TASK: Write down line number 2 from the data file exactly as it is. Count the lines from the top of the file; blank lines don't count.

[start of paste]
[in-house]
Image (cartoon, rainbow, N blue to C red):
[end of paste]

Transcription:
Image (cartoon, rainbow, N blue to C red):